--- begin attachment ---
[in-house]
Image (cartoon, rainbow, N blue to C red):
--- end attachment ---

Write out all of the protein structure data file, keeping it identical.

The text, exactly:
[in-house]
Image (cartoon, rainbow, N blue to C red):